Good thing then, that a spherical shape is one of the more durable forms with no bending stress, and is thus the chosen shape for a light bulb.
Otherwise, the sides of a bulb would simply cave in from the vacuum pressure if the bulb’s shape was not round.
As opposed to a square or triangular shape, a round bulb will have no structurally weak points. That makes it more reliable, and the bulb does not cave in. It’s the same principle that allows a dome roof to stay intact.
Another advantage of a circular shape is that it has the highest volume in relation to the surface area. This simply means that the least amount of material that is glass needs to be used to produce the shape with the largest volume.
But why does the bulb need to be voluminous?
There are two reasons for this:
As explained above, older traditional bulbs have the tungsten filament that gets white-hot when in operation.
The hot filament needs to be kept as far away from the fragile glass edges as possible to prevent heat loss to the surrounding and to prevent damage.
A large volume means that the glass can stay away from the hot filament, simultaneously not wasting too much glass material to allow that space.
The second reason for having a bulb with enough volume is that bulbs like halogen bulbs can be filled with enough gases to function well.
Can Light Bulbs Have Different Shapes?
But you might have come across many bulbs that are, in fact, not round at all!
Well, light bulbs can definitely have different shapes to suit different applications. In some cases, it is better to use a non-spherical bulb. In contrast, in other cases, it is merely a matter of aesthetic appearance.
It is a matter of lighting design and ingenuity to create unique lighting setups, including bulbs. Due to this, you will find designer LED bulbs that are cuboid or square in shape.
In fact, here is a figure of a variety of various bulb shapes commonly available in the market today.
Even when you consider CFL and fluorescent lamps, they are mostly tubes. When used in purpose-built fixtures, they are used as long straight tubes.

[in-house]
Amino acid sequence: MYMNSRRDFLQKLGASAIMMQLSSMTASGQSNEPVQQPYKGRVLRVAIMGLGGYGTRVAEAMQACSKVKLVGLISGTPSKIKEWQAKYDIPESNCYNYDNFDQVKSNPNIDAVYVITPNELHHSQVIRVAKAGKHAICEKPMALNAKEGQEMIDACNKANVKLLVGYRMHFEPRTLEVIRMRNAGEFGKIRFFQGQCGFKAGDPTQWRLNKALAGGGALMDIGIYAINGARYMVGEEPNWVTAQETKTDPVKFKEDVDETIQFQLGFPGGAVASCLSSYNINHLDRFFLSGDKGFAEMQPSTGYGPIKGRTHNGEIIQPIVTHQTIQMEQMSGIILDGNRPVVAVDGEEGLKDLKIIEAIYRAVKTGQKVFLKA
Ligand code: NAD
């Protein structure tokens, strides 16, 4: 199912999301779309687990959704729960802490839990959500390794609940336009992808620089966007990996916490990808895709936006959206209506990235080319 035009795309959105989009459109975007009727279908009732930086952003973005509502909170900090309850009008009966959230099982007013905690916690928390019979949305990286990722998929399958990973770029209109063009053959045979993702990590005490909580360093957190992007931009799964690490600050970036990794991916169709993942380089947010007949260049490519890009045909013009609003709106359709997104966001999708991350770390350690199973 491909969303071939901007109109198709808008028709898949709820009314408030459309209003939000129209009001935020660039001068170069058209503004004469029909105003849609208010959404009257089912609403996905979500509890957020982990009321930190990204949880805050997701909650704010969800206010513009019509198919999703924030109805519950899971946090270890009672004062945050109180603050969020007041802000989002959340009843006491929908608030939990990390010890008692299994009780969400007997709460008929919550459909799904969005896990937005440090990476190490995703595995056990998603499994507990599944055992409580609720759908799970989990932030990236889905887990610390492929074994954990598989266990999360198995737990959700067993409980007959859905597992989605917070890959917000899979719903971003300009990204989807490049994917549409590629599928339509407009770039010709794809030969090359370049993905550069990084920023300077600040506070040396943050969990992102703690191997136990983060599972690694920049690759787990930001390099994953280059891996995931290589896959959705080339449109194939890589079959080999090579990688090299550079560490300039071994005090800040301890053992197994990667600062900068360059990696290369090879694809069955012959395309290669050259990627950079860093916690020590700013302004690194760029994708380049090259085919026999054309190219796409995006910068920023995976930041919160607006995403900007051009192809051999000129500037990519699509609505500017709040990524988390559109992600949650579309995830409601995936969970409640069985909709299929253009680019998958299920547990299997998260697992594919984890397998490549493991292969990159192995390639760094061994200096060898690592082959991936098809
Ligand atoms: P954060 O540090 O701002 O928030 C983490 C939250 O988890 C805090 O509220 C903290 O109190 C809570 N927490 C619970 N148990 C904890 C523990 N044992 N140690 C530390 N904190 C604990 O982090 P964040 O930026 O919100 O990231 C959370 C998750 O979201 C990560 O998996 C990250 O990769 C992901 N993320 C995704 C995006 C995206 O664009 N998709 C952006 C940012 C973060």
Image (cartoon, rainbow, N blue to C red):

However, when they need to replace traditional bulbs, the tubes are wound into a twisted or spiral design in order to shape them more or less into a regular bulb shape.
LED vs Incandescent Bulbs: Does The Shape Matter?
When it comes to LEDs, the most efficient bulb shape is the most suitable shape for a luminaire and does not have to be the traditional round shape.
For instance, look up at your flush ceiling light. It houses a flat LED panel with the LED diodes spread evenly around.
Nevertheless, you will come across LED bulbs designed to look exactly like incandescents in their shape.
Again, the reason is simply to allow backward compatibility.
Since traditional bulbs were round and used screw-type bases, the majority of existing fixtures are shaped to house these round bulbs, and industry standards are established.
Making LEDs spherical allows them to be easily interchanged into fixtures already in use.
The reality is that LEDs need neither the high voltage from the main AC current nor the screw type bases and, least of all, the round bulb shape.
So that is the long and short of various bulb shapes used in the industry today, and why mainly the form you will find most commonly is the round spherical shape.
What shapes of bulbs do you have around your home or office?
Can your fixtures house non-round shaped bulbs?